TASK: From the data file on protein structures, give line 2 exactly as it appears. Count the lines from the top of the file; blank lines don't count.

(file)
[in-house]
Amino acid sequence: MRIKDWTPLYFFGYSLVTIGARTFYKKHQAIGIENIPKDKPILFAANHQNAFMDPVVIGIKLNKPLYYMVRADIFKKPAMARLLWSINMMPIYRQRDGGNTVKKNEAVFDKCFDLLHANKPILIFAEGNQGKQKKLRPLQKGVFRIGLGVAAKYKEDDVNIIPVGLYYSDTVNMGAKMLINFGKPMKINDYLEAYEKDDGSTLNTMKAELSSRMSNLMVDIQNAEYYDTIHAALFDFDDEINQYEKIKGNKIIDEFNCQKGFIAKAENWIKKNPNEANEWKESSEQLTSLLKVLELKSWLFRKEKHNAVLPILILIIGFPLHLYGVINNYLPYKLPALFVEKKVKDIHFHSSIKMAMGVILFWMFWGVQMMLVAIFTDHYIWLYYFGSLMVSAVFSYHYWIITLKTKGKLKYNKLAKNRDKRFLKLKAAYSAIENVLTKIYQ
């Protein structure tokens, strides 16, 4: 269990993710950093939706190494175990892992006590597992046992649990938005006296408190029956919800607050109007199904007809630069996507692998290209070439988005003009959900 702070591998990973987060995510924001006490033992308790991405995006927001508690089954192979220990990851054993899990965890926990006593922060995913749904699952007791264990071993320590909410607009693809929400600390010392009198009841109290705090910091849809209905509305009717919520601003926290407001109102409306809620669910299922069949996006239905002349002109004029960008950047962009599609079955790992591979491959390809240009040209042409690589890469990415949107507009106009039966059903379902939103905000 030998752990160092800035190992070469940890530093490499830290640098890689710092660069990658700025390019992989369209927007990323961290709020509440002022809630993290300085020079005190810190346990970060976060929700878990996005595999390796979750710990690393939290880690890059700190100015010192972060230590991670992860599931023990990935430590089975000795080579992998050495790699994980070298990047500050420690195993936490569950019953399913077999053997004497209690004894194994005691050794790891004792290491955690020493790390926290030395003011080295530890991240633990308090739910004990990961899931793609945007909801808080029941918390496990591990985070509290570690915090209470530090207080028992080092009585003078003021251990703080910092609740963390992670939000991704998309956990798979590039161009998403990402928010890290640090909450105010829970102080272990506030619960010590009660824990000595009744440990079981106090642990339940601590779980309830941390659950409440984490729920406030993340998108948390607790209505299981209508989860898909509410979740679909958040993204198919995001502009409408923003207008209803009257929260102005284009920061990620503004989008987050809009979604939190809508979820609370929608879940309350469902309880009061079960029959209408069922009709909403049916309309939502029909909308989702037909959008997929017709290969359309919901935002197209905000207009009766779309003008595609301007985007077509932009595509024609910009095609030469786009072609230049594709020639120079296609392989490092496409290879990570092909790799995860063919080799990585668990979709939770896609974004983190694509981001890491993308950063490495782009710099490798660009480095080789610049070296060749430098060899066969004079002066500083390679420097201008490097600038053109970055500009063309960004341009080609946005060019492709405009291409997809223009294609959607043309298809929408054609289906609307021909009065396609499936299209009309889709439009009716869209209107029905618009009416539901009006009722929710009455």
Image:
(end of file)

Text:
Amino acid sequence: MRIKDWTPLYFFGYSLVTIGARTFYKKHQAIGIENIPKDKPILFAANHQNAFMDPVVIGIKLNKPLYYMVRADIFKKPAMARLLWSINMMPIYRQRDGGNTVKKNEAVFDKCFDLLHANKPILIFAEGNQGKQKKLRPLQKGVFRIGLGVAAKYKEDDVNIIPVGLYYSDTVNMGAKMLINFGKPMKINDYLEAYEKDDGSTLNTMKAELSSRMSNLMVDIQNAEYYDTIHAALFDFDDEINQYEKIKGNKIIDEFNCQKGFIAKAENWIKKNPNEANEWKESSEQLTSLLKVLELKSWLFRKEKHNAVLPILILIIGFPLHLYGVINNYLPYKLPALFVEKKVKDIHFHSSIKMAMGVILFWMFWGVQMMLVAIFTDHYIWLYYFGSLMVSAVFSYHYWIITLKTKGKLKYNKLAKNRDKRFLKLKAAYSAIENVLTKIYQ